Stanley Davenport Adshead

Architect, Town Planner
Place of Birth
Liverpool, London

  • Born                      8 March 1868 Bowdon, Cheshire
  • Died                       11 April 1946 at  Lower Ashley, Hampshire 

Stanley Adshead was the second of eight children and the eldest son of Joseph Adshead, an artist, and his wife, Eliza Davies was born at Bowdon on 8 March 1868. He was educated privately at Buxton, where his family had settled, and on leaving school at sixteen was articled to James Medland Taylor about 1884. On completion of his articles he was assistant in the office of Salomons and Ely for one year.

In 1890 he moved to London to join the office of George Sherrin where Edwin Alfred Rickards was also an assistant. He remained there for two years, subsequently working for short periods with Guy Dawber, Dunn & Watson, Ernest George and James Howard Ince, where he renewed his acquaintance with Rickards. About 1894 Adshead joined William Flockhart, spending one year in his office and three years as clerk of works at Rosehaugh where he met his wife Mary Annie (1874–1960), daughter of Andrew Blackie of Strathpeffer. who was the village school mistress. They were married on 24 October 1900.

Adshead commenced independent practice in 1898 and was admitted FRIBA on 5 June 1905, his proposers being Charles Edward Mallows, Alfred William Stevens Cross and Frances William Bedford. In 1910 Adshead took on Stanley Churchill Ramsey as junior partner when he was invited by George V to survey and make proposals for the Duchy of Cornwall Estate in Kennington. It was intended that Ramsey was to maintain continuity in London while Adshead was in Liverpool. Works by Stanley Davenport Adshead included reconstruction of the Pavilion and the erection of the Carnegie Library at Ramsgate, alterations to the Assembly Rooms at Bath, and the design of the Liverpool Repertory Theatre in addition to churches hospitals and domestic work. While at Liverpool he collaborated with Sir Patrick Abercrombie on the layout of Domanstown, to house the workers of Messrs Dorman Long. He also submitted plans for the redevelopment of the site of Charing Cross Station when its transfer to the south side of the Thames was under consideration. In 1914 this project was postponed.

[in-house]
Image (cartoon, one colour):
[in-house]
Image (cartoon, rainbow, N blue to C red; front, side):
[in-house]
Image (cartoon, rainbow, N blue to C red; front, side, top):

In 1909, the year of the first Town Planning Act, Liverpool University appointed him to the first professorship of town planning in this country. Under him and Sir Patrick Abercrombie (then lecturer in the same department) Liverpool became the academic cradle of civic design. 1912 Stanly Adshead was appointed Lever Professor of Civic Design at Liverpool in 1912 and in 1914 he was appointed to the Chair of Town Planning at London University, a post from which he retired in 1935.

During the inter-war period he made a number of development plans including Southampton, Scarborough Chesterfield, York Teignmouth, and South and West Essex. He founded the “Town Planning Review.”  He was a Member of Council of the RIBA, served on the Royal Fine Arts Commission and received the American degree of Master of Architecture. The latest of his numerous publications is a book called “A New England” was published in 1942. He contributed many drawings to the Royal Academy Summer Exhibition and was at work on new views of York Minster shortly before his death

Stanley Davenport Adshead MA MArch FRIBA Emeritus Professor of Town Planning, London University died on 11 April 11 1946 at Chapel Cottage, Lower Ashley Hampshire. He was survived by his widow and a daughter Mary, the wife of Stephen Bone, the painter and well-known muralist in her own right.

Address: 1933 Professor S D Adshead FRIBA 46 Great Russell Street, London

Death Notice: Times 13 April 1946 page 1 –Deaths
Obituary: Manchester Guardian 13 April 1946 page 6
Obituary: The Times 13 April 1946 page 6

Reference: Dictionary of Scottish Architects
Reference: Dictionary of National Biography
Reference: Who Was Who